There are many First Nations Studies Majors in this class, but only two Indigenous students, so we are mostly settlers. For Indigenous students, I would hope that the course could, first of all, provide an opportunity to spend time thinking seriously about issues that touch them in ways that are not generally paid attention to in the academy. So, having an opportunity where their life experience is the center. The white western European experience is used to being the center and it’s considered the norm and it’s what we study. We study Shakespeare, we study Canadian history, which is about white settlers. We think that is normal and everything else is specialized and narrow. So, [hopefully] Indigenous students will have a moment of being at the center and given some tools that might possibly help them process these parts of their experiences.

My personal hope would be that this would provide an opportunity for healing, but I don't send that off as a pedagogical goal because it’s not measurable, but rather, a benefit of education. As feminist history and feminist theory has been for me; it's been a tool to help heal. For white students my main goals is not just know the breadth and depth of the problem intellectually, but to know it in their bodies. In my opinion, when you know it in your body, then it changes you, but to know it intellectually, you can still hold that at a distance and you don't necessarily see why you should change anything about the way you do anything. And what does that mean to know something in your body something that's not your own experience? So, my argument is, what's happening in the world around us, it is our experience. We might not be tuned into it, we may not connect with it, but it's our experience and it’s happening all around us. So, we’re stopping and tuning into that which we know is out there. Of course, people who choose to take the course, they are selecting into it. They are not just randomly falling in into the seats of the room, then choosing to know it because they want to know it. So, my hope is not to just know about the problem but to be transformed through knowing deeply, in an embodied way, and hopefully then to carry that forward in our life. It’s not just in terms of understanding the missing and murdered Indigenous women. My hope would be that out of this class, you would understand that it is really important to listen and not formulate an opinion. Also, healing. I think that settlers are wounded by history. We need to heal too, because if we want to be in good relation, we can’t be broken. We need to heal ourselves so we can go out and do good work.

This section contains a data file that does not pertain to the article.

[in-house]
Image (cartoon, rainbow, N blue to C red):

As we approach the middle of this semester, what have you, as a professor, taken away from teaching this course?